02/10/2015, 10:43 PM

For all clarity the method works for bases larger then eta.

But that does not imply x < M(x) < exp(x)

where M(x) is a suitable multisection type function.

( Linear combinations of Mittag-Leffler functions )

it is only required for large x that

x < M(x) < exp(x).

But this follows automatically from the asymptotic behaviour of the multisection type function and the method we use :

f(x)

ln( f( exp(x) ) )

...

ln^[n]( f ( exp^[n](x) ) )

the third last line implies

exp(x) < M(exp(x)) < exp(exp(x))

...

exp^[n](x) < M(exp^[n](x)) < exp^[n+1](x)

and hence the method works.

However it is intresting to consider exp(x) - M(x).

This quantity affects how many iterations we need to take to get a good numeric result.

And I find it intresting by itself.

The number of sign changes / zero's of exp(x) - M(x) can be estimated by fourier-budan for instance.

But there must be many tools for this.

And the question of closed form zero's occurs naturally.

at x = 1 we can relatively easy check the sign of exp(x) - M(x).

M(x) = f(x) = 0 + 5/2 x + 5/2 x^5/5! + 5/2 x^6/6! + 5/2 x^10/10!

+ 5/2 x^11/11! + ...

then

exp(1) - M(1) =

e - 5/2 (1 + 1/5! + 1/6! + 1/10! +1/11! + ... )

truncated (at ...) this gives us :

0.193976

Notice the number of sign changes of exp(x) - M(x) is Always bounded as function of b in a/b ~ 1/e.

More investigation is desired.

---

Another thing is the sequence given before

2,5,11,23,47,...

these are the iterations by the map 2x+1 starting at 2.

This has a closed form : 3 * 2^n - 1.

( trivial to prove )

A similar sequence is

1,7,19,...

which are the iterations by the map 2x+5.

This also has a closed form : 3 * 2^n - 5.

Numbers of the form 3 * 2^n - 1 are called Thâbit ibn Kurrah numbers.

and if those numbers are prime they are called Thâbit ibn Kurrah primes.

Now if for a fixed n , 3 * 2^n - 1 and 3 * 2^n - 5 are both prime then we have a Thâbit ibn Kurrah cousin prime.

Conjecture : there are infinitely many Thâbit ibn Kurrah cousin primes.

7,11

19,23

41,47

379,383

...

regards

tommy1729

But that does not imply x < M(x) < exp(x)

where M(x) is a suitable multisection type function.

( Linear combinations of Mittag-Leffler functions )

it is only required for large x that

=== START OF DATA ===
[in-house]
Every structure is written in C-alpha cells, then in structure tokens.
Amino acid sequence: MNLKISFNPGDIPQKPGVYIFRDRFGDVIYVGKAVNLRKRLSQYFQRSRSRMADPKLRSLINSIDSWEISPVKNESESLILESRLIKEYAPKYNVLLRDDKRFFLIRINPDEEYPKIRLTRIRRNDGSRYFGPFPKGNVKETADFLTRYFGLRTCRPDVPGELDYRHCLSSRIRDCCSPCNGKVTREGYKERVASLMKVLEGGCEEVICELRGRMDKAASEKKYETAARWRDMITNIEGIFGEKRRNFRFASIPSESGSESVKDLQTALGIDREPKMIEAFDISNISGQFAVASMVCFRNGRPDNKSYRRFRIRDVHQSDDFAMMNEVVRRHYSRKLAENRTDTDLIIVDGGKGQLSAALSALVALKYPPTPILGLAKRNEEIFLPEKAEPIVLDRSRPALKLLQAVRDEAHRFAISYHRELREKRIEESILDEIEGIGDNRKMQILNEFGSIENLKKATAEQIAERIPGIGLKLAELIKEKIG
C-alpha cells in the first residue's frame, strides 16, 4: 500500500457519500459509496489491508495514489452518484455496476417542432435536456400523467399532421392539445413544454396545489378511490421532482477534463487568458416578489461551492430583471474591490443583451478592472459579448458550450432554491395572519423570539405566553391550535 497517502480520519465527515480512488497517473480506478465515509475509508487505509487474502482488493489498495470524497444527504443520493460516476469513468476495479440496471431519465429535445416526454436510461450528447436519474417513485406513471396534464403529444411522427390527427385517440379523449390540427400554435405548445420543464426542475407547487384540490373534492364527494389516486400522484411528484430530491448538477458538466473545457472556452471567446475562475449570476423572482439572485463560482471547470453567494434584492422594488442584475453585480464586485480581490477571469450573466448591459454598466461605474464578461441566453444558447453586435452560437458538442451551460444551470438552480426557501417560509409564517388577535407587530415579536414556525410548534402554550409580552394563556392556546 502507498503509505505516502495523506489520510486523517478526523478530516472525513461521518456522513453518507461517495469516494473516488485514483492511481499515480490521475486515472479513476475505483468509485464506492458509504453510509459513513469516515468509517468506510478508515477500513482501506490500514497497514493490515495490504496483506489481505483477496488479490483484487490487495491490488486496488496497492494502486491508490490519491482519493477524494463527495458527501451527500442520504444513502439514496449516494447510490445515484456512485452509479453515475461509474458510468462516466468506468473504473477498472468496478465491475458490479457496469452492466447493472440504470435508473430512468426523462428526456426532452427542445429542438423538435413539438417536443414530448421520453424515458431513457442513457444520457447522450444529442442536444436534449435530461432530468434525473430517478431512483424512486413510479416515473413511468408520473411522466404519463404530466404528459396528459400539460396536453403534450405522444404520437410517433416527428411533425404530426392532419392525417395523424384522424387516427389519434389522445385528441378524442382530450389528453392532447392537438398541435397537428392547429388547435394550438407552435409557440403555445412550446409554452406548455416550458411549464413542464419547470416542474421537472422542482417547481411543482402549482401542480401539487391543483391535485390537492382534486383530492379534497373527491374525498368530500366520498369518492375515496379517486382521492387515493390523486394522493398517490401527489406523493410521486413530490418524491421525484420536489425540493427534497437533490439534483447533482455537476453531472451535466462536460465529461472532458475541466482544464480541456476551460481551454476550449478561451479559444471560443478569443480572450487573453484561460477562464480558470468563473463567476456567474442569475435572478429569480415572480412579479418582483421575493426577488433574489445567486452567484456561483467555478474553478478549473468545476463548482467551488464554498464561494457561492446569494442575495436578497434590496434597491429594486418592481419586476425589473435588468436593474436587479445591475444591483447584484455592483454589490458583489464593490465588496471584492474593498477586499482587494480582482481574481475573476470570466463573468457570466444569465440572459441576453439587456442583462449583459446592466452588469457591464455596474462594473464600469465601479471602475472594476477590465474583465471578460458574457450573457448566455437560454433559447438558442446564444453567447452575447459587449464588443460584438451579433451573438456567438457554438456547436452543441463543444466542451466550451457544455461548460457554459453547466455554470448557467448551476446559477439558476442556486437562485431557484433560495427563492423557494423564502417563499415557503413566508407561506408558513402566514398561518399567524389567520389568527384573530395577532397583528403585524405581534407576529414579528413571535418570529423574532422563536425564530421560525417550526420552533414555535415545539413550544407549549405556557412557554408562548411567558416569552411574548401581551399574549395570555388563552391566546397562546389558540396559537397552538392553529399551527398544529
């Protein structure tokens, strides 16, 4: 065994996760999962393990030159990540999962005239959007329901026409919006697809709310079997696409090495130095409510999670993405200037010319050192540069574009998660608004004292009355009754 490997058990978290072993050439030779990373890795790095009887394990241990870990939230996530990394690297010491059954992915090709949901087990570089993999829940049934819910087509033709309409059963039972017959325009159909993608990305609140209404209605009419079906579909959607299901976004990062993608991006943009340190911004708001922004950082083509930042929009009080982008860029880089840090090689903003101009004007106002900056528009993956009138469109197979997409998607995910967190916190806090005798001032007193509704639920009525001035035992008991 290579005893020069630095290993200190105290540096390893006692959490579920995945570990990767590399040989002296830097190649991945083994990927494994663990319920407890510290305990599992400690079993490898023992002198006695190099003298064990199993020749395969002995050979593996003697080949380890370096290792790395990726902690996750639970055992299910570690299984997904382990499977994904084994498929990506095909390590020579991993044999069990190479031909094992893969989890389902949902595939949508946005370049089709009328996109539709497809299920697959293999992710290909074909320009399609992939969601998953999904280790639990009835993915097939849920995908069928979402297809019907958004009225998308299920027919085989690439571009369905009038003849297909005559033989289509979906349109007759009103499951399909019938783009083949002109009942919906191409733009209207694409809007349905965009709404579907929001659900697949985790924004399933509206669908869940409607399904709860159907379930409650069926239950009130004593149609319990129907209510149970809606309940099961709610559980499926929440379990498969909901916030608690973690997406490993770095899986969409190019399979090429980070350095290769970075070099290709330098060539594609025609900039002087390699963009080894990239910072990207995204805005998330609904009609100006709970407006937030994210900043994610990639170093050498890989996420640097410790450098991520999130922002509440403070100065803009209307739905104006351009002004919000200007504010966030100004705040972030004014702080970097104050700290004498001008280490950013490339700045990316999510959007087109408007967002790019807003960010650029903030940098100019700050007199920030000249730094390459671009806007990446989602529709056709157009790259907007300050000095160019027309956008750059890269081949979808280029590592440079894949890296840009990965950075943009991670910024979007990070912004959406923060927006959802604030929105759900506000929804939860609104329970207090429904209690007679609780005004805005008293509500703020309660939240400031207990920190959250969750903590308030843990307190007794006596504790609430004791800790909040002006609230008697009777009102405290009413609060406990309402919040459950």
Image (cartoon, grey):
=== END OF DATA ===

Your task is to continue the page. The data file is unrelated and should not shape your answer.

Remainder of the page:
x < M(x) < exp(x).

But this follows automatically from the asymptotic behaviour of the multisection type function and the method we use :

f(x)

ln( f( exp(x) ) )

...

ln^[n]( f ( exp^[n](x) ) )

the third last line implies

exp(x) < M(exp(x)) < exp(exp(x))

...

exp^[n](x) < M(exp^[n](x)) < exp^[n+1](x)

and hence the method works.

However it is intresting to consider exp(x) - M(x).

This quantity affects how many iterations we need to take to get a good numeric result.

And I find it intresting by itself.

The number of sign changes / zero's of exp(x) - M(x) can be estimated by fourier-budan for instance.

But there must be many tools for this.

And the question of closed form zero's occurs naturally.

at x = 1 we can relatively easy check the sign of exp(x) - M(x).

M(x) = f(x) = 0 + 5/2 x + 5/2 x^5/5! + 5/2 x^6/6! + 5/2 x^10/10!

+ 5/2 x^11/11! + ...

then

exp(1) - M(1) =

e - 5/2 (1 + 1/5! + 1/6! + 1/10! +1/11! + ... )

truncated (at ...) this gives us :

0.193976

Notice the number of sign changes of exp(x) - M(x) is Always bounded as function of b in a/b ~ 1/e.

More investigation is desired.

---

Another thing is the sequence given before

2,5,11,23,47,...

these are the iterations by the map 2x+1 starting at 2.

This has a closed form : 3 * 2^n - 1.

( trivial to prove )

A similar sequence is

1,7,19,...

which are the iterations by the map 2x+5.

This also has a closed form : 3 * 2^n - 5.

Numbers of the form 3 * 2^n - 1 are called Thâbit ibn Kurrah numbers.

and if those numbers are prime they are called Thâbit ibn Kurrah primes.

Now if for a fixed n , 3 * 2^n - 1 and 3 * 2^n - 5 are both prime then we have a Thâbit ibn Kurrah cousin prime.

Conjecture : there are infinitely many Thâbit ibn Kurrah cousin primes.

7,11

19,23

41,47

379,383

...

regards

tommy1729